“Mediation works because it places the people most affected by the problem in charge of the solution.”

Chief Justice Thomas Moyer, Supreme Court of Ohio (1987-2010).                                                


37.01 When Ordered
Pursuant to Ohio Revised Code  3109.052, at any time after service of summons in any action in which the allocation of parental rights and rights and responsibilities of minor children is in issue, at any time on a petition to modify or allocate parental rights and responsibilities and/or to terminate a shared parenting plan approved by the Court, or in any other action in which the Court has jurisdiction over children under O.R.C. 2151.23, the Court may require some or all the parties to participate in a mediation assessment. If it is determined that the parties qualify for mediation, the Court may order any or all of the parties to participate in mediation. In addition, the Court may at any time order the parents of minor children, and any other interested parties to the case, to participate in mediation when the parties are unable to agree upon a specific schedule of parenting time for the children.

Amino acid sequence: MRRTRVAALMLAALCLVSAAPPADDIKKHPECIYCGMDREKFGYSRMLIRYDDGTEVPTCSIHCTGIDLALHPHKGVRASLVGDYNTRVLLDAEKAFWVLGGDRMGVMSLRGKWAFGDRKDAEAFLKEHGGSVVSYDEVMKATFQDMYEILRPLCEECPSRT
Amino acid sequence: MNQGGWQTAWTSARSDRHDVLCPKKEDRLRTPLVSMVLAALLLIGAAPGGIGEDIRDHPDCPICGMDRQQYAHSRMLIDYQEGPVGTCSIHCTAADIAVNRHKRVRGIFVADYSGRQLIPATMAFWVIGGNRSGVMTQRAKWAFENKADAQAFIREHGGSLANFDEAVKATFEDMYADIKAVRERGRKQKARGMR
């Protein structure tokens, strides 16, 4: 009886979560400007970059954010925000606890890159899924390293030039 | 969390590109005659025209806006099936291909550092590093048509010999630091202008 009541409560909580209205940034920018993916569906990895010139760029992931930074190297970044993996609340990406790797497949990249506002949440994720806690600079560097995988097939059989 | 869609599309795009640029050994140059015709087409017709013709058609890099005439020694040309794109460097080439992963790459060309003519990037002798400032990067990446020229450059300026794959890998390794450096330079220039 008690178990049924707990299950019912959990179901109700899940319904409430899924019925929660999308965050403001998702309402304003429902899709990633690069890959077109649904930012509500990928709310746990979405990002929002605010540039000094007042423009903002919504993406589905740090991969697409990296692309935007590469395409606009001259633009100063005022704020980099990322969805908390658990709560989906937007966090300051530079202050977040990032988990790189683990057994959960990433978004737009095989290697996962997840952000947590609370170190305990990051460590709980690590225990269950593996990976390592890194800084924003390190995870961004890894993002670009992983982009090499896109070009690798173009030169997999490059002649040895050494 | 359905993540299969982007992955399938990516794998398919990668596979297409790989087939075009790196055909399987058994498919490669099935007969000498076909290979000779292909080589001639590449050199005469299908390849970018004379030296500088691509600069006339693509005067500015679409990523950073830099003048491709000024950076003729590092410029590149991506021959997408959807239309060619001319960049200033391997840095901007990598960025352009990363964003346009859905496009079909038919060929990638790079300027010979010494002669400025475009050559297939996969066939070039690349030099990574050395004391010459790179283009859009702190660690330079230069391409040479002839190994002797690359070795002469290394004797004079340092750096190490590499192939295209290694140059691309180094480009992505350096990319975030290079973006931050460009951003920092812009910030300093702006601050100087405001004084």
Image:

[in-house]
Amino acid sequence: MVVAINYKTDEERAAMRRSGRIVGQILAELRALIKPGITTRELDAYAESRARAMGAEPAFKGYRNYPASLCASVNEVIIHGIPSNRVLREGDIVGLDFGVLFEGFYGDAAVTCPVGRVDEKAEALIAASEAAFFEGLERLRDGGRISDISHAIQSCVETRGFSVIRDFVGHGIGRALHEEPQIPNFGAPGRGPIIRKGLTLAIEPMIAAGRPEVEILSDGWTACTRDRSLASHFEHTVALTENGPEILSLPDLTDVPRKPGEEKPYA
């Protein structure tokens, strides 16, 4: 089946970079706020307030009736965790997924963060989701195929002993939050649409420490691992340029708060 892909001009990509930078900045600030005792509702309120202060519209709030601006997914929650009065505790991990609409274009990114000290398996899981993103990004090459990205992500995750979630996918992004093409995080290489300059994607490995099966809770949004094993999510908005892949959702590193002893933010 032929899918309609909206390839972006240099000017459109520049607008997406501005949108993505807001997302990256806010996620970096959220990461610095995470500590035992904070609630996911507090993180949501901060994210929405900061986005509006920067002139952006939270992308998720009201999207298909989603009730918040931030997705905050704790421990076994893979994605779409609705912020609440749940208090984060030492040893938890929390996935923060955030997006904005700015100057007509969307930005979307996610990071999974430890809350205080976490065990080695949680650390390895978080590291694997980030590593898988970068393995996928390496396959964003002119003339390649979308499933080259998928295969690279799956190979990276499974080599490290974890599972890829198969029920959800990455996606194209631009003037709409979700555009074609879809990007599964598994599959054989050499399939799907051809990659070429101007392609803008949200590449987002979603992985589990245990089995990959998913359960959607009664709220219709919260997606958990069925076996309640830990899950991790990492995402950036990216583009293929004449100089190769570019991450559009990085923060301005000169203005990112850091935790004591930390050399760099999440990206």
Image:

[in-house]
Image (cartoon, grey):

Mediation is a confidential and informal way to resolve a dispute with the help of a neutral third person (mediator). The mediator works with both parties to help them reach a mutually agreeable solution to their differences. Mediation proceedings are confidential and informal.  The mediator can’t force the parties to resolve their differences. But the mediator can help the parties reach a solution agreeable to both.

Mediation Concepts








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